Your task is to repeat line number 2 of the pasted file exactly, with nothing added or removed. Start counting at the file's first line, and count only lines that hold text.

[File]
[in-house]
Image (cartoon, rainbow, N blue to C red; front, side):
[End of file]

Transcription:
Image (cartoon, rainbow, N blue to C red; front, side):